Practical Finishes By Jeff Conti

practical-finishes-22-july-07-jeff-conti

By Jeff Conti

22 July 2007

Topics: Shellac, Behlen’s Woodturner Finish, Wax (Renaissance and Liberon), Penetrating oils (Danish oil, Boiled Linseed oil and Teak oil) Butcher Block OIL, Walnut Oil, Hard Cellulose Nitrate Lacquer (Deft)

Shellac comes from the excretions of the lac insect Kerria lacca, found in the forests of Assam and Thailand (Wikipedia).

Shellac can be purchased in two basic forms, commercially mixed in a can with other chemicals and natural flakes that you dilute into denatured alcohol. Both of these forms have variations you can buy for effects you are looking for.

I suggest blond (no wax) Shellac flakes for the following reasons… You can read the rest of the article here – practical-finishes-22-july-07-jeff-conti

A Story in Every Turning

I was recently explaining the markings on the bottom of a highly figured spalted maple bowl with stone inlay to a coworker who remarked that I had a story for each piece that he had seen me turn. That is when I had one of those wow moments to which I stated that I probably had at least a half a dozen for each piece that I had ever turned, some pieces have even more.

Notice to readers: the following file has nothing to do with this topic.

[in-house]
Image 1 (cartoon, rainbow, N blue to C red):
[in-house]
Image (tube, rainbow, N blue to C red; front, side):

When you consider all the steps that go into turning an item worthy of display it should not be a surprise to me that many of lifeʼs little stories would become imbedded in that bowl. Stories like, where did you get the wood? Buy it or get it free? Cut it green or starting to punk out? What shape. Where did it go? What tool to use? Is it sharp? What cut? How much? How thin? What shape now? What finish? Who is it for? What piece is next?

If you have a favorite story about a piece of wood, and your journey with it into a turned item and on, let me know.

*you can read more in the June 2008 Newsletter

A Story in Every Turning

I was recently explaining the markings on the bottom of a highly figured spalted maple bowl with
stone inlay to a coworker who remarked that I had a story for each piece that he had seen me turn. That is when I had one of those wow moments to which I stated that I probably had at least a half a dozen for each piece that I had ever turned, some pieces have even more.

When you consider all the steps that go into turning an item worthy of display it should not be a surprise to me that many of lifeʼs little stories would become imbedded in that bowl. Stories like, where did you get the wood? Buy it or get it free? Cut it green or starting to punk out? What shape. Where did it go? What tool to use? Is it sharp? What cut? How much? How thin? What shape now? What finish? Who is it for? What piece is next?

If you have a favorite story about a piece of wood, and your journey with it into a turned item and on, let me know.

*you can read the rest of this in the June 2008 Newsletter.

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